4. Shooting Star Scientific
Make way, Manti Te'o. You have company -- and it's very much real.
Like the Notre Dame linebacker who lied about his fictional girlfriend,
misled investors about the involvement of Johns Hopkins University in the clinical testing of the company's retail nutritional supplement anatabine.
own biotech ax Adam Feuerstein snared the company this Wednesday for fabricating a link between the well-respected school and anatabine, which accounted for a disappointing $1.7 million of Star's sales last quarter.
Star reported initial interim results from a clinical study of anatabine as a potential treatment for thyroid disease on Jan. 7. The company claims the study succeeded, but Feuerstein points out that it failed to disclose any real data. Star's press release included a promotional quote about anatabine from Dr. Paul Ladenson, described as a "senior endocrinological consultant" for the study.
"Ladeneson's real job is director of the Division of Endocrinology and Metabolism at Johns Hopkins School of Medicine. He's a thyroid disease expert," says Feuerstein. "Why did Star Scientific omit Ladenson's academic affiliation from its Jan. 7 press release? Likely because, as Desmon made clear, Ladenson's role in Star Scientific's anatabine thyroid disease study had nothing to do with Johns Hopkins."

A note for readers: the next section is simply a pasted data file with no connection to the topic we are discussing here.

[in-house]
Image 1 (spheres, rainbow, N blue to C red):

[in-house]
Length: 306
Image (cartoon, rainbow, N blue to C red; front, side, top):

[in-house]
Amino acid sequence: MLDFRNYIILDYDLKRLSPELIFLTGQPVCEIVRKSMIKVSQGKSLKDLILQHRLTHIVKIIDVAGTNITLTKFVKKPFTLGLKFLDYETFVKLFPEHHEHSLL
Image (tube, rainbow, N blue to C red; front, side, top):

So who is the "Desmon" to whom Feuerstein is referring? Is that another imaginary figure?
Not in the least. That person is very real, indeed. In fact, she's the person putting the kibosh on Star's silly hype.
"The Antabloc Supplementation Autoimmune Prevention [ASAP] clinical study was not conducted at or approved by Johns Hopkins," said Johns Hopkins' spokesperson Stephanie Desmon. "We do have guidelines about such things and he [Ladenson] is in violation here." She added that Johns Hopkins has started an inquiry into the matter.
Shares of Star Scientific sank over 10% Wednesday on the heels of Feuerstein's report even as the broader market spiked.
Yep, it doesn't get much realer than that.